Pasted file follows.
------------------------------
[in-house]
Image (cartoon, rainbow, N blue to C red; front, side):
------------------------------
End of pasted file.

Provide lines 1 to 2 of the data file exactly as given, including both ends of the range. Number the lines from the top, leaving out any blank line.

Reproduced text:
[in-house]
Image (cartoon, rainbow, N blue to C red; front, side):